While some progress has been made to achieve more accountability and openness a year into Baker's first term, more sweeping changes outlined by his transition team and ethics task force, from strengthening the Board of Ethics to exploring the benefits of an inspector general's office, await action.
But budget constraints could keep the county from implementing all the measures, said Council Chairwoman Andrea Harrison, D-Bladensburg, particularly a recommendation as expensive as an inspector general.
Baker's staff last year estimated a budget shortfall of about $113 million heading into fiscal 2013.
"Money may be a hindrance, because what we're talking about is establishing a new office, which means hiring additional personnel and all the resources to go with it," Harrison said. "Do we want to do that at the risk of not being able to provide some other services? I don't know what it would cost."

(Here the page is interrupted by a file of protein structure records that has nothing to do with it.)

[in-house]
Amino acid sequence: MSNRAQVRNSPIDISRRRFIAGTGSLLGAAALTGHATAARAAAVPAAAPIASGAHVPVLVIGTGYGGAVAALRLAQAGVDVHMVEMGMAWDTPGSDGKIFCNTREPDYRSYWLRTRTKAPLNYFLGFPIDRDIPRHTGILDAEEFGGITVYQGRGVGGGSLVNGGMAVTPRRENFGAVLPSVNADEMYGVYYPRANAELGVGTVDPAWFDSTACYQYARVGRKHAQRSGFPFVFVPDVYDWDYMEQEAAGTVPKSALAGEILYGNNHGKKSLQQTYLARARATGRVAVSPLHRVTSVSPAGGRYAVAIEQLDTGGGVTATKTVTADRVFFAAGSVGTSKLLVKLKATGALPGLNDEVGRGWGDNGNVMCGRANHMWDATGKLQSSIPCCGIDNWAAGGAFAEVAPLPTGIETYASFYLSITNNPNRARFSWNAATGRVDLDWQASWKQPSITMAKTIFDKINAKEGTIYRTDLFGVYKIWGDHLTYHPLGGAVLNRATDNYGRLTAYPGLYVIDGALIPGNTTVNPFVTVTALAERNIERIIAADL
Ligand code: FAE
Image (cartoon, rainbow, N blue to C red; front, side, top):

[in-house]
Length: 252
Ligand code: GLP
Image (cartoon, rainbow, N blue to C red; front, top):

The county must look to maximize the potential of oversight tools and processes already in place, Baker told The Washington Examiner in an interview.
"We're more concerned with the overall approach to transparency, waste, fraud, abuse, and how we make sure we're handling those issues throughout Prince George's County," Baker said.
Harrison and Baker asked for residents' patience as they try to earn back the county's trust by weeding out shady dealings such as the pay-to-play schemes uncovered by a U.S. Attorney's Office investigation of former County Executive Jack Johnson and his wife, former Councilwoman Leslie Johnson. Federal investigators are still looking into corruption in the county.
"It's not going to be as simple as an overnight remedy to rectify this," Harrison said, "because quite honestly, according to the U.S. Attorney's Office, we don't know how far this has gone."